For the workshops, there were four different tracts attendees could participate in: Design; Development; Front-End Development; Marketing and Mobile. I participated in most of the Design workshops which covered everything from typography to design process to prototyping. I also participated in a lecture by J Cornelius who talked about the benefits of using HTML 5 markup language and why it’s so awesome.

And speaking of awesome, Leslie Jensen-Inman from UT-Chatanooga kicked us off Friday morning with an inspirational talk and encouraged everyone to follow their passion and to simply “make awesomeness.” Last year, Leslie spoke at Converge SE and discussed her involvement in CreateAthon On Campus at UT-C and how powerful the experience was for her and her students. Pretty cool to hear about the impact CreateAthon is making in other parts of the country. Yeah, shout out to CreateAthon!

A few notes and sidebars from some of the other speakers that I found interesting:

• From J Cornelius, a software/web developer:

- “IE7 is the new IE6″ (IE6 is a developers’ worst nightmare)

- 4.8 billion people have never seen the web

- HTML5 gives us the ability to do amazing things. Check out to see what’s possible.

- In the end, it’s our job {as web designers} to create an “experience” online.

- And lastly, J suggested that we “Go build some cool stuff.”

• Chandler Van De Water discussed typography and how he uses software to create original typeface designs. SIDEBAR: I won a typeface creation app for drawing a lowercase R! I’ll be using it to experiment with a new type family soon!

• Giovanno DiFeterici talked about historical and contemporary art and the psychology behind it. He discussed the importance of collaboration and talked about the process of creating the artwork for this year’s ConvergeSE marketing materials (which is amazing).

• Bermon Painter showed how he successfully eliminates wireframes and excessive documentation and jumps right into rapid prototyping by using sketches and actual content (as opposed to greek copy).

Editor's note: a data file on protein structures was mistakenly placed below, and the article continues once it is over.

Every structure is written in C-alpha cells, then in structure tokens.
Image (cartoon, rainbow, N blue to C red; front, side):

On Saturday, we heard from nine or ten more speakers who discussed topics ranging from mobile testing, building online communities and the importance of customer service, simplicity in design, coding for CSS, importance of social groupings and identity, design process and much more.

Overall, a great conference and a great venue to meet new people and to learn more about web design and development. Way to go Converge SE — I’ll be back next year!


See It Differently.

I will admit it. I have a bit of an obsession with Instagram. It’s a photo sharing app that allows you to snap a shot with your iPhone, add a cool filter, then share your image with the world via Facebook or Twitter, or via Instagram’s own publishing feed. The filters are cool, the square format is interesting, and the publishing is easy.

So much to love.

Still my commitment to Instagram goes deeper. This free little download has changed everything about the way I look at the world around me. Partly because it’s just fun to keep an eye out for an interesting something that might make a swell photo. But also because I am wildly inspired by the images that are delivered to me, right there in my Instagram feed. There is something fascinating about seeing ordinary, daily life transformed into magical crops, viewed through someone else’s life lens.

For example:

from Riggs Partners Design Director Ryon Edwards

from my friend, Karen Dukes

from my daughter, Eliza Ellis

What a gift it is to see the world differently; to be more aware simply because you are looking. 

Today is a great day to look around. Look for light and shapes and texture and color. Snap a shot or two and see if your view of the world doesn’t open up just a bit.

Beauty is all around us, every moment.

Just look.